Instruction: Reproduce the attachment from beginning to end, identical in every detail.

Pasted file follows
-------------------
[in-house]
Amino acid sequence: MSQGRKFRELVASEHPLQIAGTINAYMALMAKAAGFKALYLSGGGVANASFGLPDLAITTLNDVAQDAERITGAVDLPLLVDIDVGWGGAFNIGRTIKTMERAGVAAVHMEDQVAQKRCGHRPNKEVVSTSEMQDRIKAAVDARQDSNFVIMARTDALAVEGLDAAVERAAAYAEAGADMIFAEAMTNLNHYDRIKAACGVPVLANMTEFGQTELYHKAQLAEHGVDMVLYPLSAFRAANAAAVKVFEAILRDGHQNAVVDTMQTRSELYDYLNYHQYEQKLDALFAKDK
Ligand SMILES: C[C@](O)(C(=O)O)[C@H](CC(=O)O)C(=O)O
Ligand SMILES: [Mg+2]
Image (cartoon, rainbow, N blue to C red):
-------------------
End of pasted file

[in-house]
Amino acid sequence: MSQGRKFRELVASEHPLQIAGTINAYMALMAKAAGFKALYLSGGGVANASFGLPDLAITTLNDVAQDAERITGAVDLPLLVDIDVGWGGAFNIGRTIKTMERAGVAAVHMEDQVAQKRCGHRPNKEVVSTSEMQDRIKAAVDARQDSNFVIMARTDALAVEGLDAAVERAAAYAEAGADMIFAEAMTNLNHYDRIKAACGVPVLANMTEFGQTELYHKAQLAEHGVDMVLYPLSAFRAANAAAVKVFEAILRDGHQNAVVDTMQTRSELYDYLNYHQYEQKLDALFAKDK
Ligand SMILES: C[C@](O)(C(=O)O)[C@H](CC(=O)O)C(=O)O
Ligand SMILES: [Mg+2]
Image (cartoon, rainbow, N blue to C red):